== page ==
November 1, 2012

Alumni Q&A: Bill Hilgendorf and Jason Horvath

Bill Hilgendorf and Jason Horvath

Ages: 33 and 34

Co-founders of

Uhuru Design

, Brooklyn, New York

Rhode Island School of Design

, Industrial Design, 2002


ID: How has the design field changed for grads since you began your careers?

BH & JH: The Web has changed the field a lot. You have access to so much more information now. It is so easy to make something or find someone to make it, take a photo of it and throw it on up a website or get it on a blog and get your product out there – at little or no cost. When we graduated, our work was still on slides and we had to look through the yellow pages to find vendors. There are a lot of new companies and a strong sense of entrepreneurship in design in general.

ID: How do you think “design” is viewed in popular culture today; is it more significant in daily life than it was 10 or 20 years ago? If so, how?

Bill Hilgendorf & Jason Horvath: Most people probably know design by the slew of reality shows that have sprung up in the last five years, but it is definitely more significant. Modern design has really been popularized in the last 10 years by big-box retailers like IKEA, CB2 and Restoration Hardware. They have done a great job making contemporary design more affordable and accessible to a larger audience, but part of good design is making products that last-something that larger retailers aren’t known for.


ID: What materials, techniques or fabrications are you most excited about?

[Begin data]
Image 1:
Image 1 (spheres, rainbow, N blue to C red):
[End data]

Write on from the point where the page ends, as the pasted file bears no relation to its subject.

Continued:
BH & JH: We love materials with a story. For us, this often means reclaimed materials, and the chance to give them a second life. We feel with all the products out there, if you buy something with a story that is well made, it’s something you will keep and pass along. We love to mix traditional wood and metalworking techniques with cutting-edge technology like CNC laser-tubing cutters and water-jet cutters and five-axis routers.

ID: What personal career accomplishment are you most proud of and why?

BH & JH: Being selected for the “40 under 40 Craft Futures” show at the

Smithsonian Museum of American Art

was definitely pretty awesome, but the fact that we have been able to build a business that supports 10 people while still having crazy adventures all over the world (Jason) and raising a family (Bill) is definitely more of an accomplishment to us.

ID: What is the one thing you know now that you wish you’d known when you were starting your career?

BH& JH: To focus more on the business of design. Many young designers today end up starting their own businesses – having a better understanding about basic business principles coming out of school would have saved some bumps and bruises in the first few years.


Student Outlook, Part 1

Student Outlook, Part 2

Student Outlook, Part 3

Alumni Q&A: Todd Bracher

Alumni Q&A: Nathan Thomas

Alumni Q&A: Jonah Becker

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